Salt labyrinths. Yes, labyrinths made from salt by Japanese artist Motoi Yamamoto. Achingly beautiful.
And a close-up:
I guess that it goes without saying, although I’ll say it anyway, that these remind me of sand mandalas made by Tibetan monks. For me, the beauty of the sand mandalas is very much wrapped up in the fact that they’re destroyed in the end. I saw one for the first time at the Indiana University Art Museum, and as shocked as I was when I learned that the mandala would be destroyed, it’s really what makes them what they are. Yamamoto’s salt labyrinths are also destroyed in the end, and the artist asks that the salt be thrown into the sea. There’s something there about the interconnectedness of life, about life and death, particularly since salt is essential for human life, and as the artist points out, salt is important to Japanese death rituals. (It is sprinkled on mourners after funerals because it is believed to repel evil.) The fact that the salt is put back into the ocean, thus completing its journey, brings it all full circle. Something which is elemental to human life is used for art, then thrown back into the sea from whence it came. Beautiful.
Here’s another one:
And a close-up:
I’m also thinking about salt caravans across the Sahara Desert, which have always struck me as being terribly romantic, although back-breaking and difficult are words that probably describe them more accurately. There are only two (or so) of these routes left across the Sahara, since trucks and roads have replaced them, which I’m sure isn’t all bad. But there’s so much about these salt caravans that fascinates me. They’re run by the Tuareg, a nomadic ethnic group that mostly lives in Mali and Niger, who are fiercely proud, and who are the good guys and heroes in the movie Sahara (which is a fun action flick, worth checking out for the African scenery alone). And one of my favorite music groups, Tinariwen, is Tuareg. (Watch one of their mesmerizing videos here.) They in themselves are a fascinating people. Also, the caravans had very few landmarks as they moved across the Sahara. This, and simply the fact that they were traveling across a desert, made it quite dangerous. The sands shifted, they could get lost and run out of water, and even the salt they were carrying couldn’t save them. Check out episode 2 of the cleverly named series Africa (probably available at your public library) for an excellent depiction of a modern-day salt caravan.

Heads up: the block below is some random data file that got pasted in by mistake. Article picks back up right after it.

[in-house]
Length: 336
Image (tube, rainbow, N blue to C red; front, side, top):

Switching gears completely, here’s one of my favorites by Yamamoto:
A Japanese zen rock garden made of salt. Wow. I need to do something to meditate, whether it’s walk, or bike, or play the piano, or struggle through some Tai Chi. Sitting and meditating doesn’t work for me, so I really appreciate the contemplative and meditative value of a Japanese zen garden. You get to DO something while you meditate. And then this one’s made of salt.
If you’re in or near Bellevue, WA, you can check out Yamamoto’s work at the Bellevue Arts Museum, now through the end of May. Don’t you love this one?
Yamamoto says, “I believe that salt enfolds the memory of lives,” and as I’m thinking about all of the ways that these salt labyrinths touch me, evoking Tibetan sand mandalas, the cycle of life, Saharan salt caravans, (and I haven’t even gone into the whole labyrinth thing, or that the first photo is from an installation in a 16th century basilica and my ties to Medieval art,) I’m thinking that yes, for me, in this case, that seems to be true — a collective memory, maybe across time and countries. So I amend what I said at the beginning. It’s art of the coolest kind.